The “Booster Blitz” sites are in Berlin, Haverhill, Plymouth, Stratham, Keene, Claremont, North Conway, Laconia, Manchester, Milford, Concord, Hanover, Rochester, and Salem. (Getty Images)
The state’s daily report of first and second COVID-19 vaccine doses has been an important tool for assessing risk and targeting vaccine outreach. That count will become less accurate and perhaps less useful with the rollout of boosters.
The state knows some booster shots are being included in the state’s vaccination rate but not how many. And public health officials have it as first and second doses – not boosters – that must be prioritized and tracked to overcome the pandemic.
“One of the big concerns that I’ve had is that there hasn’t been any real uptake in the vaccination since the end of June,” said Mindi Messmer, co-founder of N.H. Science and Public Health, which has been tracking the state’s vaccination program. (The fully vaccinated rate was 54.6 percent as of Thursday, the most recent data available.) “If the boosters are being incorporated into that number, those are the people who have been fully vaccinated. It’s not the hesitant people. There’s not going to be a clear understanding of how many people are actually vaccinated. It skews our understanding.”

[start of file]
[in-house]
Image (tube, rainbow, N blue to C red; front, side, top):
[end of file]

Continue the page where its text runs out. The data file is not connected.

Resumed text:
The problem lies with those giving boosters, including pharmacies, because they are reporting all third doses to the Centers for Disease Control and Prevention but some are not reporting counts to the state, said state epidemiologist Dr. Ben Chan. And unlike some states, including Massachusetts, New Hampshire’s COVID-19 dashboard does not break out the booster counts it does know about.
“We’re having a little bit of difficulty nailing down exactly how many booster doses have been administered in New Hampshire,” Chan said.“… It’s something we’re actively trying to work on.”
The CDC communications office did not return a message. Its website tracks booster doses given in the United States (9.32 million as of Friday), but does not report that data at state, county, or local levels.
Pfizer boosters became available in mid-August for those over 65, people at high risk, and those working in settings with more exposure to the virus who had received their second dose at least six months prior. More boosters are coming.
The Food and Drug Administration’s panel of expert advisers voted, 19-0, Thursday to recommend booster shots for the same population who received the Moderna vaccine. It did the same with the Johnson & Johnson vaccine Friday for anyone over age 18 at least two months after their shot.
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